Planning a moto adventure in the middle of winter to one of Southern Africa’s most iconic mountain passes doesn’t always come recommended. The weather and road conditions on Sani Pass can rapidly turn and you can become instantly humbled with the circumstances you find yourself in. We’ve had it both ways before, but this year – we lucked out all round!
From our experience with years past, we prepared everyone for the worst. At the top of the packing list was long underwear followed by extra layers to keep you warm. Those items luckily weren’t needed until the evening at the backpackers at Sani Mountain Lodge.
This was the third year that Bonafide Moto Co. led a group of riders from Johannesburg down through the Midlands and up to the top of Sani Pass. Each year sees riders of all skill levels, with various brands and styles of motorcycles – the only rule, Don’t Be A Dick.
We set out early on a Saturday morning avoiding all the commuter traffic that we normally run into when departing on our adventures. The first few hours leaving Johannesburg are always the toughest. You’ve been looking forward to this trip for months and you spend the first few hours on long and straight roads knowing that the turns will eventually come. The first set of fun turns quickly end just as we arrive into lunch into the mountain town of Clarens. For those who’ve never visited this area, it’s always a lively town filled with weekend warriors looking to get away from the city.
Leaving Clarens, the road begins to show off – cutting its way through the rocky cliffs of Golden Gate National Park.
On this stretch from Clarens to the Amphitheatre Backpackers, you finally get the chance to stretch the bike out, become comfortable leaning into the turns and take a chance to take in the amazing views with the city life now well behind you.
The arrival into the backpackers sneaks up on you just after chasing the person in front of you sweeping through the mountains. The lodge is tucked away into a small oasis in the middle of the rolling hills overlooking the impressive Drakensberg Escarpment. Settling into the lodge riders picked their mates for the night and fought over who would be the one on the bottom bunk.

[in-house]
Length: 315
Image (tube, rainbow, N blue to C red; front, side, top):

With the mix of riders being from different towns, background and countries we like to arrange the riders goodie bags with luggage tags strategically at the big dinner table on the first night so that everyone gets a chance to meet someone they may haven’t gotten a chance to know. We find this tends to open up people to one another and offers them time to get to know one another.
Our departures this time of year tend to be quite early as we are limited to the amount of daylight needed to get us to our next stop. We left not long after sunrise and started to make our way closer to Sani Pass via the beautiful Midland roads. After stopping for lunch just 30 minutes away from the base of the pass we could all feel the excitement and tension in the air as we all knew we would soon find ourselves pushing our limits on Sani Pass.
Leading up to this adventure we reached out to local riders in the area to see if they had any feedback as to the conditions on the pass. Over the past year, construction has begun at the bottom section where bridges and outlines of where the road would be tarred had begun. We were told to expect very loose rocks and tough lines to follow.
We left lunch, fueled up the bikes before heading into Lesotho, stretched out the arms, took all the deep breaths we could and followed the signs for Sani Pass.
The beginning of the pass greeted us with extremely dusty conditions. The area hadn’t received any rain or snow for the past 2-3 weeks so we informed riders to give as much gap as possible so that they had visibility. Not only was the dust visibility a concern but heading up the pass just hours before sunset meant we’d be riding into the sun with dust all in front of us.
All were accounted for and came in quite close together as we got to the South African border post, which is the base of the Iconic Pass. From here on out to the Lesotho border, we didn’t know what to expect, but always to expect the worst.
With under 3 hours before the sun would set we felt well positioned to allow everyone enough time to get to the top before the border would close. Riders set out from the border at their leisure and the stoke levels were high. The loose rocks and tough lines were quickly visible as the climb began up to the first two river crossings. After the second river crossing was when things got interesting and when we encountered what we now call the “death zone.”